This a repost.

On January 31, 2004, the NYT published a piece on John Edwards by Adam Liptak and Michael Moss. It is a hit-piece that traces Edward’s successful career as a trial lawyer. The opening paragraphs are shocking:

n 1985, a 31-year-old North Carolina lawyer named John Edwards stood before a jury and channeled the words of an unborn baby girl.

Referring to an hour-by-hour record of a fetal heartbeat monitor, Mr. Edwards told the jury: “She said at 3, `I’m fine.’ She said at 4, `I’m having a little trouble, but I’m doing O.K.’ Five, she said, `I’m having problems.’ At 5:30, she said, `I need out.’ “

But the obstetrician, he argued in an artful blend of science and passion, failed to heed the call. By waiting 90 more minutes to perform a breech delivery, rather than immediately performing a Caesarean section, Mr. Edwards said, the doctor permanently damaged the girl’s brain.

“She speaks to you through me,” the lawyer went on in his closing argument. “And I have to tell you right now — I didn’t plan to talk about this — right now I feel her. I feel her presence. She’s inside me, and she’s talking to you.”

The jury came back with a $6.5 million verdict in the cerebral palsy case, and Mr. Edwards established his reputation as the state’s most feared plaintiff’s lawyer.

In the decade that followed, Mr. Edwards filed at least 20 similar lawsuits against doctors and hospitals in deliveries gone wrong, winning verdicts and settlements of more than $60 million, typically keeping about a third. As a politician he has spoken of these lawsuits with pride.

Never mind that the scientific evidence shows that cerebral palsy is usually caused by events, such as infection, much earlier in the pregnancy. Never mind that natural birth is usually safer than a caesarian section for mother and child. More from the NYT piece:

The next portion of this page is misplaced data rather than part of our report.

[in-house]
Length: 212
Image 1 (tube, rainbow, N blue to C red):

The effect of his work has reached beyond those cases, and beyond his own income. Other lawyers have filed countless similar cases; just this week, a jury on Long Island returned a $112 million award. And doctors have responded by changing the way they deliver babies, often seeing a relatively minor anomaly on a fetal heart monitor as justification for an immediate Caesarean.

On the other side, insurance companies, business groups that support what they call tort reform and conservative commentators have accused Mr. Edwards of relying on questionable science in his trial work. Indeed, there is a growing medical debate over whether the changes have done more harm than good. Studies have found that the electronic fetal monitors now widely used during delivery often incorrectly signal distress, prompting many needless Caesarean deliveries, which carry the risks of major surgery.

The rise in such deliveries, to about 26 percent today from 6 percent in 1970, has failed to decrease the rate of cerebral palsy, scientists say. Studies indicate that in most cases, the disorder is caused by fetal brain injury long before labor begins.

An examination of Mr. Edwards’s legal career also opens a window onto the world of personal injury litigation. In building his career, Mr. Edwards underbid other lawyers to win promising clients, sifted through several dozen expert witnesses to find one who would attest to his claims, and opposed state legislation that would have helped all families with brain-damaged children and not just those few who win big malpractice awards.

It turns out that Edwards was a gifted trial lawyer who specialized in high margin ambulance chasing:

Over time, Mr. Edwards became quite selective about cases. Liability had to be clear, his competitors and opponents say, and the potential award had to be large.

“He took only those cases that were catastrophic, that would really capture a jury’s imagination,” Mr. Wells, a defense lawyer, said. “He paints himself as a person who was serving the interests of the downtrodden, the widows and the little children. Actually, he was after the cases with the highest verdict potential. John would probably admit that on cross-examination.”

It is hard to see any medical professional voting for Edwards when this record is exposed.

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